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Sabres Wild Trade Hockey (copy)

The Wild's Jason Pominville, left, congratulates teammate Marco Scandella after he scored during a playoff game April 24, 2015. Pominville is returning to Buffalo after being acquired along with Scandella in a four-player trade with Minnesota Friday.

Associated Press

New Buffalo Sabres general manager Jason Botterill is wasting no time adding depth to his roster.

Friday, the Sabres acquired forward Jason Pominville, defenseman Marco Scandella and a fourth-round pick from the Minnesota Wild for Tyler Ennis, Marcus Foligno and a third-round selection.

Buffalo fans will be pleased at the re-acquisition of Pominville, who played for the Sabres for nine seasons as a top-line player and is a former captain. The addition of Scandella, however, may ultimately be what wins this trade.

Financially, Buffalo takes on some decent salary for the next couple seasons.

Pominville counts for $5.6 million against the salary cap for the next two years, while Scandella will cost $4 million through 2019-20. It's a significant increase from what they were paying Ennis ($4.6 million for two more years) and Foligno (a restricted free agent was qualified for $2.25 million).

Buffalo is still in decent shape with the salary cap — the Sabres are due for extensions for Jack Eichel and Sam Reinhart after the 2017-18 season (both will be restricted free agents), but have $34.5 million to play with next summer.

The Sabres aren't getting back the same Pominville they dealt to Minnesota during the 2012-13 season. In his last full season in Buffalo, Pominville was a 73-point scorer — he won't reach those numbers in this next go-around. He can be, however, counted on to reach double-digit goals and 40-plus points. For a team like the Sabres that struggles to score, he's a solid asset even if he's somewhat pricey.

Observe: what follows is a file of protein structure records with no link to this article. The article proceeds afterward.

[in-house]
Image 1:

Pominville was a little sheltered last season in Minnesota — he had positive possession stats (53.5 percent shots for vs. shots against when he was on the ice), but rarely started shifts in his own zone (29.83 percent). Possession isn't quite as relevant when you're a winger like Pominville, but it's a positive sign that when his line starts in the offensive zone they can generally sustain offensive pressure.

Of the eight forwards that Pominville played at least 100 even-strength minutes last year, seven had superior possession numbers playing with Pominville than without — pretty impressive considering the Wild as a whole were not strong in this regard.

Scandella isn't a big point producer or minutes eater. He set career highs in points (23) and average time on ice (21:43) in 2014-15. Those numbers slot Scandella more as a second-pairing guy, but the Sabres could slide him with Rasmus Ristolainen to solidify their top unit. With him and the recently-acquired Nathan Beaulieu, the Sabres can string together a manageable defensive unit instead of the horrendous one from 2016-17.

Botterill on Scandella (via the Sabres' official website): "It was another priority for us to find another guy that can play some heavy minutes and we think Marco did a little bit of that in Minnesota. Our staff is drawn to the fact that he has good size, moves extremely well ... we think there's even more offensive upside to his game. We also think he's a guy that can help our PK."

Ennis has been in and out of trade rumors for the better part of three seasons now and could certainly use the change of scenery. The three-time 20-goal scorer has played in only 74 games over the past two seasons with an abysmal 24 points. For a player making over $4 million a season, Ennis has left plenty to be desired.

In his last two seasons of limited ice time, Ennis struggled to find consistent linemates. The Sabres never really tried him on Eichel's wing, instead playing him with either Ryan O'Reilly or Zemgus Girgensons and the results were mixed.

Foligno was an OK role player for the Sabres, but ultimately very replaceable. He scored 13 goals last season and 10 the year before that and, unlike Ennis, didn't miss much time. If Botterill is going to try and copy the Pittsburgh mold with more skill in the Sabres' bottom six forwards, the nuts-and-bolts Foligno doesn't fit the mold.

(Note: statistics are courtesy of, while salary cap figures are from

Sports writer Justin Ritzel can be reached at 282-2257 or at Follow him on Twitter @CitizenRitz.


Sports Reporter